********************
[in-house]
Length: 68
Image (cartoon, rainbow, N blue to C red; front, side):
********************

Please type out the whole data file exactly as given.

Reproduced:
[in-house]
Length: 68
Image (cartoon, rainbow, N blue to C red; front, side):